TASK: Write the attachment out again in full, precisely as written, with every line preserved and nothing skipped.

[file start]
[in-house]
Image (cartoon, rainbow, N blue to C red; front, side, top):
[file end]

[in-house]
Image (cartoon, rainbow, N blue to C red; front, side, top):